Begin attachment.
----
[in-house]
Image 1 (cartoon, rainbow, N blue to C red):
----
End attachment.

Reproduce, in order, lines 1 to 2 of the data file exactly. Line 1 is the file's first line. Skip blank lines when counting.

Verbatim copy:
[in-house]
Image 1 (cartoon, rainbow, N blue to C red):